Liquid diets can induce rapid and significant weight loss, and must be managed by a health care provider to ensure long-term results, Cooper says. “Long-term weight loss maintenance is dependent upon behavior change when returning to a whole food diet.”
Your dietitian or other health care provider can assist you with figuring out your specific nutritional needs and selecting the right meal replacement product. “Seek the help of a registered dietitian for guidance on meal replacements nutrient balance and overall lifestyle changes necessary for long-term success,” Cooper says.
Are Liquid Diets Healthy?
Whether a liquid diet is healthy depends on what’s in it, why you’re using it and whether it provides adequate nutrition for your needs. Many faddish liquid diets may be a waste of money and might actually be dangerous if you stick to them too long.
“Most liquid diets claiming to cleanse or detox the body have no clinical research to support their claims,” Micko says. “Our liver, kidney, skin and gastrointestinal tract are built-in body cleansers. Our bodies have the ability to get rid of toxins through sweat, urine and bowel movements.”
So, if you’re thinking of moving to a liquid diet because you think you need a “detox,” skip it and look to more proven means of using nutrition to boost health. The Mediterranean Diet has consistently been the top-ranked diet on U.S. News & World Report’s Best Diets List for the past several years and offers a better health argument than many shake-based plans.
Still, for some people, a liquid diet might be a smart move under certain circumstances, and in those instances, you should focus on getting the right nutrients. “When you’re on a liquid diet, it’s important to focus on high-protein liquids to help preserve lean body mass,” Micko says. “Most foods on a clear liquid diet are devoid of protein, so clear liquid supplements are typically recommended. Higher protein liquids on a full liquid diet can include regular or soy milk, bone broth and yogurt if permitted, in addition to protein supplements.”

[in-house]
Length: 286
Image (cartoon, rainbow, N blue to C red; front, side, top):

Liquid diets can be challenging to stick with, and are not usually intended to be followed for a long time, Micko says. But in some cases, people with “complex gastrointestinal diseases and/or certain types of cancer” may be told to follow a liquid diet longer term. “It is possible for a liquid diet to be nutritionally adequate, but it takes careful planning and preparation.”
Should I Go On a Liquid Diet?
But liquid diets aren’t appropriate for everyone, and Cooper says you should “check with your physician before initiating a liquid diet plan.” Liquid diets may not be appropriate for people with certain medical conditions, such as kidney or cardiovascular disease where restricting fluid intake might be necessary.
Generally speaking, Micko says she “would not recommend a liquid diet for overall health unless it’s been medically indicated. Most liquid diets are insufficient in calories, protein, lack essential nutrients and lack research to support long-term weight loss or health outcomes.” Thus, you should really only use a liquid diet if you’re instructed to do so by your health care provider.